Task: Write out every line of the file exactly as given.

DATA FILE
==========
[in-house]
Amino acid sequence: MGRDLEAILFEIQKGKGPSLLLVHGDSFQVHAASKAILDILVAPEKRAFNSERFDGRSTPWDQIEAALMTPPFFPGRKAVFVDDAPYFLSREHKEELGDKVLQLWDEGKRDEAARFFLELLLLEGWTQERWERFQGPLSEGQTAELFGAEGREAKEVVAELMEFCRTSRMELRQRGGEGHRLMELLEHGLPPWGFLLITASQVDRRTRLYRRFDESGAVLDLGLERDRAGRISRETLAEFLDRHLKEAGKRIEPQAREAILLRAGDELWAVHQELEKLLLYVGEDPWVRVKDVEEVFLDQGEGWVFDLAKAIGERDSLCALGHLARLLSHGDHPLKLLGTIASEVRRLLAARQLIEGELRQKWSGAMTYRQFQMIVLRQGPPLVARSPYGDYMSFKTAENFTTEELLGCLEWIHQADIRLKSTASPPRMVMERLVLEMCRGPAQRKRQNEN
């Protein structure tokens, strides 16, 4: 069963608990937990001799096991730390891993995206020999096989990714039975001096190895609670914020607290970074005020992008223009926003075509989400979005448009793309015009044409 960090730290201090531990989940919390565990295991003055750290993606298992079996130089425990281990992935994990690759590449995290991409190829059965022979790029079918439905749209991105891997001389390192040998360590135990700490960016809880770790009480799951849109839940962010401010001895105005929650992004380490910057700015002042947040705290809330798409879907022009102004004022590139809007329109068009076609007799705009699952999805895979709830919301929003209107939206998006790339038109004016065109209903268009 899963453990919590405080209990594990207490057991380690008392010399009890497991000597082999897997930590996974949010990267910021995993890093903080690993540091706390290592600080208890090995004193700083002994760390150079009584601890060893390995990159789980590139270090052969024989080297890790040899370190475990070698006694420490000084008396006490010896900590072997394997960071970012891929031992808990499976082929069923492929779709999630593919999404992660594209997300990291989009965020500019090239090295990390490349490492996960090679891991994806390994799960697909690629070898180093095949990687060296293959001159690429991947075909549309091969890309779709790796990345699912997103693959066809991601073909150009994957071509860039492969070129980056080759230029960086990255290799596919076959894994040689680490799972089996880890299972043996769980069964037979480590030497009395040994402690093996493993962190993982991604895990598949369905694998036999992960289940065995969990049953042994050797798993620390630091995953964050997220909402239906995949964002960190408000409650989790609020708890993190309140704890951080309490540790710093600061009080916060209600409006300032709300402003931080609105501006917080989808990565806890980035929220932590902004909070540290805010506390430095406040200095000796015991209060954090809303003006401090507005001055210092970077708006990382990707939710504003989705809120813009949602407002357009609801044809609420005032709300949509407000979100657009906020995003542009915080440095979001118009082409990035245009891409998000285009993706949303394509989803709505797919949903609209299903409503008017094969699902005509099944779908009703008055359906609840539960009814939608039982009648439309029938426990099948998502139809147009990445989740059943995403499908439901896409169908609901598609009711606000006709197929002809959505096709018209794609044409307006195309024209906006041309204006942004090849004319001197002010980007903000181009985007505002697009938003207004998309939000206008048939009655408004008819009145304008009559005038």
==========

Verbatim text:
[in-house]
Amino acid sequence: MGRDLEAILFEIQKGKGPSLLLVHGDSFQVHAASKAILDILVAPEKRAFNSERFDGRSTPWDQIEAALMTPPFFPGRKAVFVDDAPYFLSREHKEELGDKVLQLWDEGKRDEAARFFLELLLLEGWTQERWERFQGPLSEGQTAELFGAEGREAKEVVAELMEFCRTSRMELRQRGGEGHRLMELLEHGLPPWGFLLITASQVDRRTRLYRRFDESGAVLDLGLERDRAGRISRETLAEFLDRHLKEAGKRIEPQAREAILLRAGDELWAVHQELEKLLLYVGEDPWVRVKDVEEVFLDQGEGWVFDLAKAIGERDSLCALGHLARLLSHGDHPLKLLGTIASEVRRLLAARQLIEGELRQKWSGAMTYRQFQMIVLRQGPPLVARSPYGDYMSFKTAENFTTEELLGCLEWIHQADIRLKSTASPPRMVMERLVLEMCRGPAQRKRQNEN
């Protein structure tokens, strides 16, 4: 069963608990937990001799096991730390891993995206020999096989990714039975001096190895609670914020607290970074005020992008223009926003075509989400979005448009793309015009044409 960090730290201090531990989940919390565990295991003055750290993606298992079996130089425990281990992935994990690759590449995290991409190829059965022979790029079918439905749209991105891997001389390192040998360590135990700490960016809880770790009480799951849109839940962010401010001895105005929650992004380490910057700015002042947040705290809330798409879907022009102004004022590139809007329109068009076609007799705009699952999805895979709830919301929003209107939206998006790339038109004016065109209903268009 899963453990919590405080209990594990207490057991380690008392010399009890497991000597082999897997930590996974949010990267910021995993890093903080690993540091706390290592600080208890090995004193700083002994760390150079009584601890060893390995990159789980590139270090052969024989080297890790040899370190475990070698006694420490000084008396006490010896900590072997394997960071970012891929031992808990499976082929069923492929779709999630593919999404992660594209997300990291989009965020500019090239090295990390490349490492996960090679891991994806390994799960697909690629070898180093095949990687060296293959001159690429991947075909549309091969890309779709790796990345699912997103693959066809991601073909150009994957071509860039492969070129980056080759230029960086990255290799596919076959894994040689680490799972089996880890299972043996769980069964037979480590030497009395040994402690093996493993962190993982991604895990598949369905694998036999992960289940065995969990049953042994050797798993620390630091995953964050997220909402239906995949964002960190408000409650989790609020708890993190309140704890951080309490540790710093600061009080916060209600409006300032709300402003931080609105501006917080989808990565806890980035929220932590902004909070540290805010506390430095406040200095000796015991209060954090809303003006401090507005001055210092970077708006990382990707939710504003989705809120813009949602407002357009609801044809609420005032709300949509407000979100657009906020995003542009915080440095979001118009082409990035245009891409998000285009993706949303394509989803709505797919949903609209299903409503008017094969699902005509099944779908009703008055359906609840539960009814939608039982009648439309029938426990099948998502139809147009990445989740059943995403499908439901896409169908609901598609009711606000006709197929002809959505096709018209794609044409307006195309024209906006041309204006942004090849004319001197002010980007903000181009985007505002697009938003207004998309939000206008048939009655408004008819009145304008009559005038």